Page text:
Syrian activists say more than 100,000 people have been killed since the uprising against President Bashar al-Assad began in March 2011.
The British-based Syrian Observatory for Human Rights announced its latest count Wednesday, saying the figure included 18,000 rebels and about 40,000 pro-Assad fighters.
The United Nations said earlier this month nearly 93,000 people were confirmed dead, but that the actual number is probably much higher.
Meanwhile, Jordan's King Abdullah warned the fighting in Syria could develop into a regional sectarian conflict. In an interview for the pan-Arab Asharq al-Awsat newspaper, the king said a political solution remains the best way to resolve the crisis.
Also Wednesday, Kuwait's foreign minister addressed concerns about private Kuwaitis financing Sunni extremists in the Syrian conflict.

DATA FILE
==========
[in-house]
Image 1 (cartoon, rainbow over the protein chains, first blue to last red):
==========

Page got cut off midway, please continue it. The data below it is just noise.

At a joint news conference with U.S. Secretary of State John Kerry, Sabah Khalid Hamad al-Sabah said fund raising for Syria is tightly restricted to ensure support goes to the "right side" in the conflict.
On Tuesday, Kerry met with Saudi Foreign Minister Prince Saud al-Faisal, who said the world should not allow Iran and the militant group Hezbollah to prop up Mr. Assad's government.
The prince called for an international ban on supplying the Syrian government with weapons, criticizing Russian support for the Assad regime.
Saudi Arabia has been supplying weapons to rebel fighters, while the United States recently said it would send arms in addition to the non-lethal aid it had been providing.